Tuesday, May 3, 2016

Some Notes on The State Census of Alabama, 1866 on Ancestry

My 3rd great grandfather, Henry Hill Freeman (1815-1887), and his daughter Nancy "Nannie" Elizabeth Freeman (1857-1934), were my last direct ancestors to leave Alabama when they headed out for Texas in 1869.

I'm related to the Freemans through my mother's grandfather, James Chappell Warren Jr, son of Nannie.
Detail of where Henry Hill Freeman lived in Macon County, Alabama, in 1866.  From the Library of Congress: State of Alabama. October. 2nd. 1866.


The last Alabama census that Henry appeared on was 1866 Alabama Census.

Going to the Alabama Department of Archives and History led me to this description from the catalog entry description:

Title: State census, 1866.
Author: Alabama. Secretary of State.
Description: The series consists of 131 volumes organized by county. Four schedules were taken as part of the 1866 state census, but all four schedules may not be available for each county.
Schedule 1 headings include, for the "White Population": Name [of head of household]; Males under 10 years, Males 10 to 20, Males 20 to 30, etc.; Total Males; Females under 10 years, Females 10 to 20, etc., Total Females; Total White population; Soldiers [who had been in the household before the Civil War] killed, died of sickness, or disabled; Insane, Epileptics, idiots.
Schedule 2 enumerates the "Colored Population," listing each household's head and the number of males and females by 10 year groupings (under 10 years, 10 to 20, etc.)
Schedule 3 counts the white population by township and range, listing the name of the head of each household and how many members were male and female in each within the age categories of "under 10 years," "10 to 20," and "Over 20."
Schedule 4 tabulates white population and educational facilities by township and range under the headings: Population, Colleges, number of scholars, Academies, number of scholars, Common schools, number of scholars.
This record set is available on Ancestry, but Ancestry does not make it clear what is included, but instead lumps its description with Alabama censuses from 1820, 1850, 1855, and 1866.  And unfortunately the drop down menu on the right doesn't clear up the fact that the 1866 census had 4 different schedules!  It is not clear to me that schedules 2 and 4 were included on Ancestry's collection.  The navigation certainly does not reflect their existence one way or the other.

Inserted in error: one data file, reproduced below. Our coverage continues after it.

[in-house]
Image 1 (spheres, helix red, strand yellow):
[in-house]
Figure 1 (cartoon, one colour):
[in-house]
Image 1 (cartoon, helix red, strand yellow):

I'd also really like to take a look at schedule 4 for information on education.  I'll keep looking!

But back to Henry Hill Freeman.

When I looked up "H H Freeman" on the Ancestry collection it showed him listed four times in Macon for that year.

Why is he listed 4 times in the census?
This proved to be duplicate pages in the actual census, not a mistake on Ancestry's part.  H H Freeman appeared on both Schedule 1 and Schedule 3, and each schedule was written out twice (not sure why).


Schedule 1:


1866 Alabama state census, Macon County, white population, Schedule 1, p 5, dwelling [blank], family [blank], for H. H. Freeman; digital image, Alabama State Census, 1820-1866 (http://search.ancestry.com/search/db.aspx?dbid=1576 : accessed 3 May 2016); citing Secretary of State, Alabama, at Alabama Department of Archives and History (SG5,686, Reels 3-17).


1866 Alabama state census, Macon County, white population, Schedule 1, p 50, dwelling [blank], family [blank], for H. H. Freeman; digital image, Alabama State Census, 1820-1866 (http://search.ancestry.com/search/db.aspx?dbid=1576 : accessed 3 May 2016); citing Secretary of State, Alabama, at Alabama Department of Archives and History (SG5,686, Reels 3-17).


An interesting aspect of Schedule 1 is that it provides a section at the end that includes losses of each family due to the Civil War, by tallying soldiers who had been killed, died of disease, or were disabled.  Henry Freeman had one son (and my 3rd great granduncle), Thomas "Tom" D Freeman (1846-1862) had died after the Battle of Perryville.  He served in Company H, Forty-fifth Alabama, under Captain Wilson, and was wounded October 12, 1862.  Note that the census showed he died of disease.



Schedule 3:


1866 Alabama state census, Macon County, white population, Schedule 3, Township No. 15, Range 24, p 7?, dwelling [blank], family [blank], for H. H. Freeman; digital image, Alabama State Census, 1820-1866 (http://search.ancestry.com/search/db.aspx?dbid=1576 : accessed 3 May 2016); citing Secretary of State, Alabama, at Alabama Department of Archives and History (SG5,686, Reels 3-17).


1866 Alabama state census, Macon County, white population, Schedule 3, Township No. 15, Range 24, p 63, dwelling [blank], family [blank], for H. H. Freeman; digital image, Alabama State Census, 1820-1866 (http://search.ancestry.com/search/db.aspx?dbid=1576 : accessed 3 May 2016); citing Secretary of State, Alabama, at Alabama Department of Archives and History (SG5,686, Reels 3-17).



Edited to add:  FindMyPast also carries this record set.  They have this to say about it:
A year after the American Civil War ended in 1865, Alabama conducted this state census to count the population. While state censuses were usually necessary to calculate representation in the state legislature, the state was placed under a military government after the war which lasted until 1868. However, the state government was then returned to local control.





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